The 5 Predominant Movement Patterns: Exercises Everyone Should Be Doing

One of the biggest hurdles in getting motivated at the gym is figuring out which exercises to do once you get there. Despite our best efforts, not everyone is in the right shape or at the right life stage for an intense workout every day. But thanks to a wealth of options, you can still get in your regular exercise without engaging in high-intensity, high-impact routines. No matter your age or perceived ability, there are certain exercises that have incredible benefits for every BODY…


So let’s talk about the top 5 exercises everyone should be doing, but instead of thinking of it as 5 specific exercises, let’s look at it as 5 different movement patterns, with a multitude of exercises that engage that specific area in varying ways.


Our brain doesn’t think in single muscle groups, but in terms of movement patterns. The body evolved to have 5 predominant movements: Pushing, Pulling, Hip-Hinging, Squatting, and Core Stabilization. So, let’s go over a few exercises for these movements.

Push: This category of exercises include all exercises that move the load/weight away from the body in relation to the torso, or at least in that direction. It usually consists of movements in the sagittal plane (shoulder flexion) or frontal planes (shoulder abduction). Furthermore, this normally means its movements create shoulder abduction and/or flexion and extension of the elbow (pushing).

The following are examples of vertical and horizontal push exercises:

  • Push Press
  • Military Press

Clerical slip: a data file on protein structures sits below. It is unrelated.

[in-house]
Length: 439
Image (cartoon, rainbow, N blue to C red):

• Flat Bench Press
  • Seated Shoulder Press
  • Incline Dumbbell Press

Pull: This category of exercises also includes moving a load/weight vertically in relation to the torso, or at least in that direction. However, it usually consists of movements in the sagittal (shoulder extension), frontal, or transverse planes (shoulder adduction). Furthermore, this normally means its movements create shoulder extension and/or adduction with elbow flexion (pulling).

The following are examples of vertical pull exercises:

  • Pull-Ups (Close-Grip, Wide-Grip, Supinated Grip etc)
  • Lat Pull-Downs
  • Bent Over Row
  • Plank Rows

Hip-Hinge: This category of exercises is comprised of exercises that involve a hinging motion at the hip joint, with little to no knee movement. These hip dominant exercises are initiated by a contraction of the hip extensors (e.g. glutes, hamstrings) and spinal erectors to extend the hip. These exercises tend to be more of a pulling action as oppose to a push, except in the idea that you should be pushing your hips through as to activate the posterior chain.

The following are examples of hip hinge exercises:

  • Romanian Deadlift (RDL) and its variations (e.g. single-leg)
  • Kettlebell Swing

Squat: This category is classified by movements in which the knee is the dominant lever during the exercise.

The following are examples of knee dominant exercises:

  • Single-Leg Squats (Pistol, Bulgarian, Knee-Tap, Elevated)
  • Low-Box Step up
  • Lunge (Forward, Backward, Lateral)
  • Leg Press (position-specific)

Core Stabilization: The muscles of the core are known as the powerhouse muscles and provide a solid base upon which all other muscles can work upon to initiate movement. A comprehensive strengthening program of your core muscles can be used for injury prevention, rehabilitation and sport performance enhancement.
Remember “functional” simply refers to practicality and usefulness. Therefore, during program design it is essential that exercises are selected based upon their function and usefulness to the client and not on the attractiveness or difficulty of the movement. Although exercise professionals may select their exercises using a different labelling of movement patterns, or perhaps none at all, a large quantity of coaches currently use these presented here in this article as they are the most scientifically validated.